• Although the invention is described above in terms of various exemplary embodiments and implementations, it should be understood that the various features, aspects and functionality described in one or more of the individual embodiments are not limited in their applicability to the particular embodiment with which they are described, but instead may be applied, alone or in various combinations, to one or more of the other embodiments of the inventions, whether or not such embodiments are described and whether or not such features are presented as being a part of a described embodiment. Thus, the breadth and scope of the present invention should not be limited by any of the above-described embodiments.
  • Terms and phrases used in this document, and variations thereof, unless otherwise expressly stated, should be construed as open ended as opposed to limiting. As examples of the foregoing: the term “including” should be read as meaning “including, without limitation” or the like; the term “example” is used to provide exemplary instances of the item in discussion, not an exhaustive or limiting list thereof; the terms “a” or “an” should be read as meaning “at least one,” “one or more” or the like; and adjectives such as “conventional,” “traditional,” “normal,” “standard,” “known” and terms of similar meaning should not be construed as limiting the item described to a given time period or to an item available as of a given time, but instead should be read to encompass conventional, tradition, normal, or standard technologies that may be available or known now or at any time in the future. Likewise, where this document refers to technologies that would be apparent or known to one of ordinary skill in the art, such technologies encompass those apparent or known to the skilled artisan now or at any time in the future.
  • A group of items linked with the conjunction “and” should not be read as requiring that each and every one of those items be present in the grouping, but rather should be read as “and/or” unless expressly stated otherwise. Similarly, a group of items linked with the conjunction “or” should not be read as requiring mutual exclusivity among that group, but rather should also be read as “and/or” unless expressly stated otherwise. Furthermore, although items, elements or components of the invention may be described or claimed in the singular, the plural is contemplated to be within the scope thereof unless limitation to the singular is expressly stated.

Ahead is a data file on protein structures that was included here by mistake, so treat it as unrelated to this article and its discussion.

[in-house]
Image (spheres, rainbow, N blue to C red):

• The presence of broadening words and phrases such as “one or more,” “at least,” “but not limited to” or other like phrases in some instances shall not be read to mean that the narrower case is intended or required in instances where such broadening phrases may be absent. The use of the term “module” does not imply that the components or functionality described or claimed as part of the module are all configured in a common package. Indeed, any or all of the various components of a module, whether control logic or other components, may be combined in a single package or separately maintained and may further be distributed across multiple locations.
  • Additionally, the various embodiments set forth herein are described in terms of exemplary block diagrams, flow charts and other illustrations. As will become apparent to one of ordinary skill in the art after reading this document, the illustrated embodiments and their various alternatives may be implemented without confinement to the illustrated examples. For example, block diagrams and their accompanying description should not be construed as mandating a particular architecture or configuration.
  • The techniques described herein may be implemented by various means. For example, these techniques may be implemented in hardware, firmware, software, or a combination thereof For a hardware implementation, the processing units may be implemented within one or more application specific integrated circuits (ASICS), digital signal processors (DSPs), digital signal processing devices, (DSPDs), programmable logic devices (PLDs), field programmable gate arrays (FPGAs), processors, controllers, micro-controllers, microprocessors, electronic devices, other electronic units designed to perform the functions described herein, or a combination thereof.
  • For a software implementation, the techniques may be implemented with instructions (e.g. procedures, function, and so on) that perform the functions described herein. The instructions may be stored in a memory in the secure host 108 or the smart device 104 a-c. The memory may be implemented within the processor or external to the processor.